Factors Affecting Leadership Longevity Among Chief Administrators of Private Christian Schools

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ProQuest, 2006 - 104 pages
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A review of some of the various leadership styles in practice on the campuses of American private Christian schools and some elite colleges and universities of both the present and the past reveals tremendous variation in the position the principal (or president) occupies. Other research in educational leadership has indicated that there is wide variation between educational institutions in terms of their organizational structures, goals, and governance. Still other research has demonstrated that principals play a vital role in the effectiveness of their schools, and that performance of the role is improved as tenure of the principal or other chief administrator is increased. It is, therefore, the purpose of this study to examine systems of governance at private Christian schools to help establish which systems of governance may result in the longest tenure among the chief administrators of their respective schools. Results of the sample surveys indicated that no significant relationship existed between four types of corporate governance and administrative tenure. Tenure was, however, correlated with the size and durability of sample schools and these results suggest a need for further studies by private Christian schools on the relationship between tenure and measures of school and student performance, as well as future research on governance.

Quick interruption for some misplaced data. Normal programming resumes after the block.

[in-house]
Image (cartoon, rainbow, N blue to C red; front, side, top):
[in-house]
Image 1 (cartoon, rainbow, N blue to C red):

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Contents

List of Tables
8
ACSI Statistical Summary
12
LITERATURE SURVEY
24
METHODOLOGY
45
RESULTS
59
Headmaster Interview Data Summary
64
School Type Frequencies
70
Table 6a Nonparametric Correlations
76
Tests of BetweenSubjects Effects
85
CONCLUSIONS AND FUTURE DIRECTIONS
86
REFERENCES
93
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